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Sunscreens containing minerals like zinc oxide and titanium dioxide reflect the sun’s rays away from skin and are a good alternative to chemicals that could be harmful to ocean reefs. Only the sunscreens that use the chemicals oxybenzone and octinoxate are being banned which is harmful the state’s biggest attractions — coral reefs.

Hawaii Gov. David Ige is expected to sign the world’s first ban on the sale of sunscreens containing the chemicals oxybenzone and octinoxate this week. While it may apply by 2021, that is because 70percent of the sunscreen manufacturers use the chemicals oxybenzone and octinoxate.

“The legislature further finds that environmental contamination of oxybenzone and octinoxate persists in Hawaii’s coastal waters, as the contamination is constantly refreshed and renewed every day by swimmers and beachgoers,” according to the bill.

Jay Sirois, director of regulatory affairs for an association that represents sunscreen manufacturers, recently told NPR: “We’re taking away a product, or products that have been shown over the course of time to be safe and effective” against the harmful effects of the sun.

Both chemicals have had the Food and Drug Administration’s approval for decades, but in recent years, some environmental research has suggested octinoxate can contribute to coral bleaching and that oxybenzone exposure leads to the death of baby coral.

“Overwhelming scientific evidence shows that excess sun exposure without effective sunscreen increases the risk of developing skin cancer in both adults and children,” the association said in a statement in May. “Banning oxybenzone and octinoxate — key ingredients in effective sunscreens on the market — will drastically and unnecessarily reduce the selection of safe and effective sunscreen products available to residents and visitors. Oxybenzone and octinoxate, found in the majority of sunscreens, are safe and effective over-the-counter (OTC) active ingredients recognized by the Food and Drug Administration (FDA) as important aides in decreasing the risk of developing skin cancer, the most common cancer in the U.S.”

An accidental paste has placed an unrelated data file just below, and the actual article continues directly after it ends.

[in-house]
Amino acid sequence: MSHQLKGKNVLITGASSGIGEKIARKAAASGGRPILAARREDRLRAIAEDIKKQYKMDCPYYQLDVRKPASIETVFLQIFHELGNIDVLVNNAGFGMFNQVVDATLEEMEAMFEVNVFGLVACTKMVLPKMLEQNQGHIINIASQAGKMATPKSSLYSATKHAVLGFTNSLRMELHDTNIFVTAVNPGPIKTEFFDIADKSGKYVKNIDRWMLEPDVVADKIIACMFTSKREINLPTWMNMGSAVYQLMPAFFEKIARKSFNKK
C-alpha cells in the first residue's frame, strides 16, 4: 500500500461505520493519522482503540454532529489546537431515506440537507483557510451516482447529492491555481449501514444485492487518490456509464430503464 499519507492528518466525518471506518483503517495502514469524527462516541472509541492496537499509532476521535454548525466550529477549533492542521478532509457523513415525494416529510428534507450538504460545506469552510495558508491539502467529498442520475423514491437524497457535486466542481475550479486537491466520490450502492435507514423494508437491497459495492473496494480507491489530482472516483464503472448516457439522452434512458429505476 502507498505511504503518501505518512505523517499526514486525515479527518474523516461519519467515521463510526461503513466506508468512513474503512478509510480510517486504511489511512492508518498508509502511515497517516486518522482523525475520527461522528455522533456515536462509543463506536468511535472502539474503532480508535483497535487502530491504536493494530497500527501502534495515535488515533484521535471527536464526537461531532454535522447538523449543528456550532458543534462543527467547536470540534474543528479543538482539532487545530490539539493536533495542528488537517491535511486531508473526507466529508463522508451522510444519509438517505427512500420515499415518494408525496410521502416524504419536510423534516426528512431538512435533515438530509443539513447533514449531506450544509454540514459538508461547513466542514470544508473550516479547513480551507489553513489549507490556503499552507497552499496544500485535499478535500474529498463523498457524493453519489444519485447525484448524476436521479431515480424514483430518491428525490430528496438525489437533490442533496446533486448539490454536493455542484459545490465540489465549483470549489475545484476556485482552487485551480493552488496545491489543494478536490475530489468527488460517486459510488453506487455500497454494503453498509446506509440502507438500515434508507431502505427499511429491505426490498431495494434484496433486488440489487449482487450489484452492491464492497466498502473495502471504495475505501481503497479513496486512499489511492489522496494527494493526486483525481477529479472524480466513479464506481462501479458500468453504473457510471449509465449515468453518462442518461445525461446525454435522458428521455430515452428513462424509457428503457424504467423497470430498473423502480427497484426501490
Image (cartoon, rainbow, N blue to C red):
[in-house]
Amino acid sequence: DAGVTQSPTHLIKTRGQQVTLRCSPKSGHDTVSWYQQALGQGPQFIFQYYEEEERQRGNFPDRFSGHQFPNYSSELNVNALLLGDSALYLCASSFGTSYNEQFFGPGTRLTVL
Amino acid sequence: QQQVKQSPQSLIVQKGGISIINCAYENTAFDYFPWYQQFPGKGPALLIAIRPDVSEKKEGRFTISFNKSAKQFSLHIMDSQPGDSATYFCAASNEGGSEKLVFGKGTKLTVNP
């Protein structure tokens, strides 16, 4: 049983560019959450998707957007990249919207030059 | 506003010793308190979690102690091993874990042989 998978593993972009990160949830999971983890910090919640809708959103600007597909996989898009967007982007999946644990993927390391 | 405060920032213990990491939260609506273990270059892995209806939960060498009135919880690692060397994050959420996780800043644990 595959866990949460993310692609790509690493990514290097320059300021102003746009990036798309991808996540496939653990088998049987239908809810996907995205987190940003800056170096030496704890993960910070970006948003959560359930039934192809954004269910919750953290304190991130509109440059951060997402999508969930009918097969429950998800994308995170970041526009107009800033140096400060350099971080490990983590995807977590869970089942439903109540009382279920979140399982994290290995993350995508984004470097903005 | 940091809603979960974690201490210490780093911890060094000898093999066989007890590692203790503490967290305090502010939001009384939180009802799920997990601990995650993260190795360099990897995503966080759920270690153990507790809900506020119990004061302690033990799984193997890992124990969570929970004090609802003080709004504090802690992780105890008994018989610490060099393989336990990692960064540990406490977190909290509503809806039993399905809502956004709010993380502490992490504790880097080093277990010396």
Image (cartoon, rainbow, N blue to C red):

While it’s been demonstrated to be safe for human use, the chemicals in question can actually kill young coral outright, while also contributing to bleaching effects on mature coral. Coral reefs the world over are already having a rough go of things thanks to warming ocean temperatures and mankind’s inability to clean up after itself. The ban on these particular compounds — which the majority of sunscreens include — should provide at least some relief for the reefs around the Hawaiian islands, and hopefully the push towards new sunblock formulas will cause the manufacturers to roll out updated products across the board.

With all the troubles facing coral reefs it might seem like sunscreen would be the least of our worries, but the amount of sunblock that finds its way into the oceans is actually pretty astounding. It’s estimated that as much as 14,000 tons of sunscreen lotion is deposited into ocean waters every single year, and that’s something that isn’t likely to change. However, if companies can improve their products and avoid damage to coral reefs, which serve as the backbone of the ocean ecosystem, a big step forward.


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